Include a link to In Their Own Words exhibit or the Survivor Stories module.


    The Nazis carried out a second, concurrent genocide during the Holocaust. This was against the Roma and Sinti (“Gypsy” people). This event is often termed Samudaripen, meaning the murder of all, or collective murder. Another term you might encounter when reading about the Roma genocide is Porajmos, literally meaning “devouring.”


    Explore testimonies from Canadian Holocaust survivors on the Museum’s In Their Own Words online resource.

  • Across Canada education centres and museums provide local Holocaust education opportunities. These experiences cater to your students by following provincial curriculum guidelines, engaging with local survivors, and rooting the educational experiences in the particular place. Often these centres are at the forefront of experimenting with new forms of media and cutting-edge pedagogical experiences for students. The Toronto Holocaust Museum is a state-of-the-art facility where your students can access ground-breaking technology and innovative approaches to Holocaust education. Whenever possible, include trips to your local Holocaust centre to ground your teaching in a site and benefit from the expertise and innovation taking place around the country.


    Vancouver Holocaust Education Centre in Vancouver


    Montreal Holocaust Museum in Montreal


    Canadian Museum of Immigration at Pier 21 in Halifax


    Canadian Museum for Human Rights in Winnipeg


    Canadian War Museum in Ottawa


    Freeman Family Foundation Holocaust Education Centre in Winnipeg


    Centre for Holocaust Education and Scholarship in Ottawa


    Friends of Simon Wiesenthal Centre in Toronto


    National Holocaust Monument in Ottawa

  • Unlike countries with a national curriculum, in Canada curricular requirements vary between provinces. It may surprise you to learn just how much it varies in terms of which grades mandate Holocaust education and what content about the Holocaust is required to be taught. Considering the direct references to Holocaust learning objectives in your provincial curriculum is an important element of your preparation for teaching, so you know what, if anything, your students have already learned in an educational setting, or so you can prepare them for what they will encounter later. Often, references to the Holocaust that appear in curriculum documents frame the content in a way that directly links it to Canada’s history.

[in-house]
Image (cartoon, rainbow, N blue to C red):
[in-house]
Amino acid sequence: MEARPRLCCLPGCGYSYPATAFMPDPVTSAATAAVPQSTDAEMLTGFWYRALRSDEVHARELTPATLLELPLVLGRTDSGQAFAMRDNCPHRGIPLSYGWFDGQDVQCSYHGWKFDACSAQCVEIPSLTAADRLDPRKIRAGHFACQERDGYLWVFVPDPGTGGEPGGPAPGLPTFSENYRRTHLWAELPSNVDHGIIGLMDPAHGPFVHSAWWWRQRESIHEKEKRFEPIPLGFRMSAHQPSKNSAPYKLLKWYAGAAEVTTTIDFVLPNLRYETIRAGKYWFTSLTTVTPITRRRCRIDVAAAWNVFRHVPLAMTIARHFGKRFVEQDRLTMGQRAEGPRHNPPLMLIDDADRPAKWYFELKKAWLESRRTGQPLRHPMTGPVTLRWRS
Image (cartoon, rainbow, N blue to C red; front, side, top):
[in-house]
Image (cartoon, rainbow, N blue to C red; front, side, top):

• Students may think the fact that the Holocaust happened a long time ago on a different continent means that it’s not relevant to them. One way that you can help students see the relevance is to integrate into your teaching key moments from Canada’s history that demonstrate the Canadian connection to the Holocaust. Some examples are the MS St Louis refugee ship that was refused entry in 1939; the internment of German-Jewish “enemy aliens” on Canadian soil; and the role of Canadian army in liberating parts of Europe, including some of the Nazi concentration camps.

  • When teaching about the Holocaust in Canada, it is important to be aware of where you are teaching and who you are teaching. The Holocaust did not happen in Canada, but genocide has happened here, and conversations about Residential Schools are becoming commonplace in many classrooms. This reality makes studying the Holocaust gain new significance as it develops students’ awareness of genocide as a feature of modern life that has happened many times and continues to occur. And as you get to know your students each year, awareness of their backgrounds also informs your teaching. Indigenous and Jewish students bring their family legacies with them to the classroom, and newcomers to Canada may bring firsthand experience with war and persecution. When choosing which cases of genocide to discuss in your classroom, make sure to give enough time to each case so that student discussions are well-grounded and respectful of the particularities of each situation.